Hidden Gems of Israel

Hidden Gems of Israel

Josh Hantman
Tel Aviv

I made Aliyah just over a year ago having received two degrees in Oriental Studies and Middle Eastern Studies with a focus on Politics from two renowned universities.  I recently worked in the Israeli Prime Minister’s Office for a year.   It would be logical therefore that my “inspiration” to write an Israel-related article would be political, geo-political, or at least ideological.  However, what inspired to me write this short piece was nothing short of true “inspiration”.
On being informed of my draft date to the army, I finished my work in the PMO and had a few months Hofesh – vacation.  Whilst working on a news aggregation website (www.olivetreenews.com), I began to volunteer on the side at an ALEH home in Gedera, a small community about 40 minutes south of Tel Aviv.  ALEH has four centers for Israel’s most disabled citizens and it was here where I was to discover the true gems of Israel.
In this particular home, which caters for about 60 of Israel’s most disabled children I was to witness nothing short of heroic social work, committed and devoted careers (who tend to be relatively new immigrants from Ethiopia), and children (and young adults) who – rejected by society – have found their place and purpose in life.
ALEH’s centers cater for over 600 disabled children and adults.  In the center in Gedera, only 3 of the residents have the ability to talk.  Yet despite the difficulty in communication, the younger residents go to school (and graduate) whilst the older residents create wonderful artwork and ceramics, which are then sold, with the proceeds going straight back into the centre.  The residents often have serious Autism, some have Down’s syndrome, others were deprived of oxygen at an early age. You can feel the frustration oozing out of their often completely immobile bodies.  However in these homes, each resident is made to feel wanted, loved and important.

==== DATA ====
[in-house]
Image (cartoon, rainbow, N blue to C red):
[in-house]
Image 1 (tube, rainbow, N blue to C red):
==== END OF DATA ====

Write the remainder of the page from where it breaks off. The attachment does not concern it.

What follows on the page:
I had an easy job.  I would take the young lads out for coffee or pizza.  We would watch football, chat to the locals in the city center and the coffee shop, and just do ‘normal’ things, outside of the framework of the home.  One particular resident Naor, is the same age as me.  We go out for coffee together, and I see the positive effect he has on the surrounding community.  Everyone stops in the street to talk to him.  With ALEH, the benefit always seems to be mutual.  In fact, I personally probably gained more than they did, as I learned something new, different and – again – truly inspiring, from each and every resident. 
I am in England now for a few weeks before I start my service in the IDF and I wanted to get this message across of what ‘we’ can do; us ‘able-bodied’ members of our community who are not social workers, not trained careers and not nurses.  When visiting Israel next, get in contact and volunteer for a couple of hours, meet these amazing members of Am Yisrael. You can ‘adopt’ a child for the year (financially or through conference calls!), sponsor a Bar Mitzvah, purchase medical equipment of even help to fund special treatments such as animal therapy, communication therapy or hydrotherapy.  The results are nothing short of breathtaking. I don’t work for ALEH, but I have been touched by their work. Whilst money is always welcome, faces are priceless.   Next time you’re in Israel pay an ALEH center a visit and find true inspiration in Israel, just like I did.

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